Anyone who obstructs rescue services is liable to prosecution, nobody would intentionally block an ambulance – but that is exactly what is happening: rescue ships are being blocked, with deadly consequences. According to UNHCR, another boat accident occurred yesterday, 114 people are missing. It is already the third since rescue ships have been blocked in Malta, on Sunday at least 63 people drowned, Friday there were over 100 including 3 babies. The weeks before, several hundred people had already drowned. According to the IOM, this June is with 629 the deadliest in 5 years, although only half as many people have arrived in Italy. Mortality in June is at record levels and is directly related to the prevention of sea rescue.
Originally published by Sea Watch.
Nobody would think of stopping the volunteer fire brigade from extinguishing a fire just because it is voluntary. But that is precisely the reasoning that is currently preventing civil rescue at sea in the Mediterranean. Rules for voluntary rescuers were only recently decided at the EU summit. “Anyone who deliberately obstructs rescue workers should be tried. Yesterday’s 100 dead are the personal responsibility of those who block rescue ships and thus prevent rescue at sea on the Mediterranean,” says Pia Klemp, captain of Sea-Watch 3, who is being held back from sailing from Malta. “The fact that our rescue ships are deliberately blocked during the deadliest weeks of the year, that not dying but sea rescue is actively prevented, is not only shameful, it is criminal.”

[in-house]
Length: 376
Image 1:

Sea-Watch calls for the immediate end of port blockades in Italy and Malta and for an end to the criminalisation of sea rescue and the failure of European states to provide assistance. The blockade of rescue ships in Malta is not the only scandal of recent days. Friday’s boat disaster might have been avoidable if the rescue ship Open Arms, which was in a similar sea area, had been requested. “This is about obstruction of rescue forces and failure to provide assistance with fatal consequences,” says Sea-Watch Board Member Johannes Bayer. “If rescue ships are officially instructed not to help a boat in distress, as happened again on Friday and people then die, there must also be legal consequences. Our legal system makes a mockery of itself when it is not able to hold these perpetrators to account, but instead rescue workers are on trial for pettiness.”
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